Page 1, 27th February 1970

27th February 1970
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Page 1, 27th February 1970 — RHODESIAN LAND ACT THREAT TO CHURCHES
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Organisations: Rhodesian Government
People: GRANT REDUCED

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RHODESIAN LAND ACT THREAT TO CHURCHES

FROM A SPECIAL CORRESPONDENT H E Roman Catholic bishops of Rhodesia, after a five-day meeting, have expressed "grave concern at a new attitude" of the Rhodesian Government towards the churches.

In their statement they declared that the new Land Tenure Act might erode Christian rights and principles. For example, it threatens the freedom of church schools to continue their policy of entry regardless of racial origins. They said the whole missionary work and activity of the Church could be affected.

The fact is that the missionaries' work stands in the way of the Government's policy of "retribalisation", The Land Tenure Act, passed by Parliament at the end of last year but not yet promulgated, is one of the main planks of this policy.

DIVIDED LANDS What it does is to divide most of Rhodesia into equal amounts of "European" and "African" land, the rest being National land. The proportion works out at ten acres per African and 200 acres per European, with one acre of

National land per Rhodesian (including Lake Kariba).

This division, with a two per cent difference either way, is fixed for all time. The European area includes all the major towns and the main lines of communication.

A racial area is one in which the interests of its race are "paramount". Thus, an African "may not own, lease or occupy land in the European area; the owner or persons occupying or in control of land in the European area, or his agent, shall not dispose of, or attempt to dispose of any such land to an African; or permit, suffer or allow an African to occupy any such land."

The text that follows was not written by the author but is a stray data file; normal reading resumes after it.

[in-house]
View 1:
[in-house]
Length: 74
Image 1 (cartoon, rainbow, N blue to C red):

The same is true of a European in an African area.

Concessions are to be made by a complicated system of permits, given "as the Minister thinks fit." "Occupation includes attending school or hospital, and the Minister will even have power to prescribe should the need arise that attendance in Church "shall constitute occupation for the purposes of the Act."

Thus the missions, who have owned much of their land since the Pioneer days, and for whom their work among the Africans has always been paramount, suddenly find it is legally subject to the interests of racialism.

Where their land is in a European area, the hundreds of African tenants who work on it will have to either leave immediately, or re-register themselves and stay till they die, when their family will have to leave. When their children become of age, they will have to leave.

GRANT REDUCED On the educational level, the Government will be able to, and very likely will, debar African pupils from attending multi-racial schools. It has already announced that it wanted to turn the responsibility for the primary education of African children from the missions, who educate 500,000 of the country's 675,000 primary-age children, to native councils.

They would be poorer, less competent, and more malleable. To encourage the process it has reduced the 100 per cent Government grant for teachers' salaries by five per cent, which will mean an average increase in annual school fees of 12s. 6d. per child -a lot of money for people whose cash income may be as little as f10 per year.




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